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When utilizing spectrum sharing in wireless channels, a secondary service may access the spectrum allocated to the primary service while this frequency band is under-utilized. The availability of the frequency band to the secondary user is a function of the activity of the users in the primary network. In this paper, we analyze the achievable capacity of the secondary service which employs opportunistic spectrum access (OSA) over a fading environment based on the primary network activity. We categorized OSA methods into Access Limited OSA (AL-OSA), and interference limited OSA (IL-OSA) schemes. In AL-OSA the spectrum is shared with the secondary service in circumstances in which the primary service is totally inactive however, in IL-OSA access to the spectrum is allowed subject to an interference threshold. For both cases we develop analytical frameworks to analyze the impact of the primary network activity on the achievable capacity of the secondary service. Simulation results confirm our analysis and also show that in cases where higher activity is in the primary network, IL-OSA is the more appropriate OSA method. For a less active primary network, AL-OSA is shown to performs better with respect to the achievable capacity.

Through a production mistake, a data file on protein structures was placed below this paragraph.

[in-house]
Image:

Date of Publication: April 2009